If the COVID-19 pandemic represents a penitential season, how might we observe it?
We begin with humility, recognizing we are in circumstances we don’t understand.
We don’t know how many people will die or what long-term effects the virus will have on our families, churches, communities, nation, and world. We don’t have answers.
In that confession, we recognize our humanity; this reminds us to be humble in all of life. We are but dust (Psalm 103:14).
Rather than trying to control our lives, we learn to live in God’s grace, participating in God’s activity in our world.
We recognize our knowledge is incomplete, that we lack needed wisdom and that too often our actions seek to bring us glory and honor, not to share God’s love with others or to glorify our Lord.
In our concern to avoid earning God’s favor by our own works, we have discarded the church’s historical practices that remind us of Christ’s life.
We have abandoned the holy penitential season of Lent and the centuries-old practices of both “giving up” something and engaging in reflection and repentance.
Lent is a season of preparation, and perhaps because of the novel coronavirus this year, we collectively observed the time with a more somber tone.
Yet, most years, many churches tend to sing Easter hymns before Easter. We plan the children’s Easter egg hunt on Holy Saturday, when we should remember Christ in the tomb, or more theologically, Christ confronting the powers of darkness on our behalf.
We wait for Easter, so we can celebrate the resurrection, put on our new clothes, and enjoy a special meal with the family.
The upcoming season of Advent will provide another opportunity for reflection and repentance.
Yet, the penitence of Advent has been all but lost in our church practices, replaced by shopping for Christmas gifts, decorating, holiday parties, and singing Christmas carols.
The meaning of the season as preparation for the second coming of Christ quietly echoes only in the plaintive notes of “O Come, O Come, Emmanuel,” a song that seems out of place amid “Joy to the World,” “Hark, the Herald Angels Sing,” and “Jingle Bells.”
However, it is the almost-forgotten whisper of “disperse the gloomy clouds of night / and death’s dark shadows put to flight” that is the heart of the Advent season.
We await our king’s return, and we must not be caught unaware. Jesus likened that coming to the days before the flood, when people “were eating and drinking, marrying and giving in marriage,” and warned them, “You must also be ready because the Son of Man will come at an hour when you do not expect him” (Matthew 24:38, 44).
These church observances are not empty traditions; they remind us we need to lay aside our creaturely comforts and focus on God.
We need to prepare ourselves for Christ’s return by staying alert and not being so distracted by our lives and comforts that we let our lamps go out (Matthew 25:1-13).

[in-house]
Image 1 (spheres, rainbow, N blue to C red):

This requires us to live out the lessons of Lent, Holy Saturday, and Advent throughout the year, especially in times like these.
Our world is a dark place.
Billions struggle to meet their families’ physical needs. Women and children suffer violence at the hands of those with power.
Changing rainfall and temperature patterns and natural disasters push people off farmland and into conflicts. Religious and ethnic violence and wars kill thousands.
Even after 400 years of slavery, mistreatment, and oppression, our black brothers and sisters still struggle for equal treatment and for their lives in the United States, a nation that promises “liberty and justice for all.”
A virus has upended our entire way of life, threatening the vulnerable and oldest members the most, but privileging none with immunity.
Perhaps we can find clear vision to see our plight: The world is a dangerous place, yet it has tricked us into thinking that our good deeds and intelligence will overcome this danger and bring peace and joy.
In these uncertain times, we learn to lament – not to complain, but to utter heartfelt and heart-rending cries to God, the only one who can bring deliverance.
We hold up our meager offerings, recognizing their insufficiency for these depths of human sorrow and despair.
Our tears are an offering to God, and our laments ultimately confess our faith in the one who is able to bring change in ways we cannot understand, including changing us.
We become willing to say with Jesus, “If it is not possible for this cup to be taken away unless I drink it, may your will be done” (Matthew 26:42).
Our situation is far more dire than “progress” will fix. Like the men and women of old, we need to wait expectantly and faithfully for our deliverer.
We do that by persevering in prayer, humbling ourselves before God, examining ourselves and repenting, and participating fully in the kingdom that Jesus inaugurated on earth.
Rather than being lulled by our comforts, we are called to await eagerly our Lord’s return, ever alert.
We wait and lament the suffering and the death, from the virus and from injustices too long ignored.
We cry out with past generations and with our brothers and sisters worldwide who continue to face horrible suffering, “How long, Lord? Will you hide yourself forever?” (Psalm 89:46a).
May God be glorified by our lives during this season of darkness, and may we be refined and made more like our crucified Lord.
Editor’s note: This is the second of a two-part series. Part one is available here.
Rebecca Shenton earned a PhD in Christian ethics from Fuller Theological Seminary. She teaches ethics and serves as the Administrator of the Agriculture, Food, and Human Values Society.